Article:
The Real Threat of an Aging Population – TIME

Posted: Wednesday, June 08, 2016

We used to size up a person by counting his children. Now we count Rolex watches, six-pack abs and Instagram followers. The Center for Disease Control recently reported that Americans gave birth to about 10,000 fewer babies in 2015 than in 2014. Go to an airport departure gate and count how many people pre-board because they are seniors hobbling with walkers rather than young parents with baby strollers. The lack of babies makes the airplanes quieter, but for the country’s economic future, it suggests turbulence ahead.

In my book The Price of Prosperity I report that America now has more golf courses than McDonalds. This is not a story about Americans preferring manicured grass to grass-fed beef. It’s a story of 40 million retiring baby boomers looking for a place to take a walk and exercise.

The U.S. is not alone in the birth dearth. Some worried countries like France, Singapore, South Korea and Russia try to convince young couples to spend more time making “whoopee,” offering free motel visits. The Russians promise new parents a chance to win a new refrigerator! I cannot think of anything less sexy than a government minister dimming the lights and turning up a Frank Sinatra tune.

An aging population poses two separate threats, one obvious, the other less so. We have all heard that Medicare and Social Security will require an overhaul with debts adding up to $50 trillion. What’s to blame for this fiscal mess? Blame prosperity! During the 1950s, about 15 Americans worked for every retired senior. People died much sooner. Over the past 70 years, we’ve enjoyed wonderful inventions and innovations that have pushed up average life expectancy to nearly 80 years. Soon roughly two workers will support each retired senior citizen. And many people are living much longer than average. On Valentine’s Day 2016, the Marriage Encounter organization honored my wife’s grandparents for more than 80 years of marriage!

But there’s a second, more sensitive problem that stems from our prosperity and low birth rate. An older country with lots of retirees needs workers, whether as respiratory therapists in hospitals or waiters in restaurants. This requires an influx of immigrants. But waves of new immigrants can fragment the culture, unless a country has strong cultural and civic institutions. Here’s the paradox: Prosperous nations cannot enjoy their prosperity without becoming multicultural. But if they become multicultural, they struggle to pass on the shared customs and respect for history that bind a nation together. Mid-20th century traditions like American Legion hot dog cookouts, Memorial Day parades and community sing-a-longs sound so corny today.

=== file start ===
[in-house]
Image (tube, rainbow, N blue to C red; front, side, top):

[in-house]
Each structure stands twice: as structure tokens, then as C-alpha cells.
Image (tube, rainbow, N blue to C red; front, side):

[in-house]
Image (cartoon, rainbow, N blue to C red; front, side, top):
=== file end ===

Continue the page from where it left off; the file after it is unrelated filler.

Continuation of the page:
Radio and television programs used to unite people. My wife’s grandma will tell you that in the 1950s and 1960s everyone tuned into the Ed Sullivan Show and shared the experience of seeing Elvis swivel and the Jackson 5 harmonize for the first time. Until the 1980s, Americans could choose only from a handful of television channels. When President Richard Nixon gave a speech, it was simulcast by all networks and even if you changed the channel, you simply could not get away! Now, with hundreds of television channels and countless websites to choose from, why would anyone feel compelled to listen to his neighbor? It is hard to get a country to “rally around the flag” when everyone stomps off in his or her own direction.

We must address both problems identified above: First, the lack of babies. Second, the splintering culture created by waves of immigration. I propose, among other thing, that young parents receive a tax credit for a second or third child, while automatically depositing the funds into a savings account. I also believe that U.S.-born Americans and immigrants must do more to show their respect for American history and culture. I would place the following requirements on all immigrants, and on all American students applying for a government loan or grant: Get your passport stamped at no fewer than five national historical landmarks or museums. If you cannot bother to visit, for example, the Lincoln Memorial, the Statue of Liberty and the Museum of Tolerance, I suggest you stand on the other side of the border and do not cross.

We need more young people—but young people who care more about whether the nation holds together than whether they’ve racked up more followers on Instagram.

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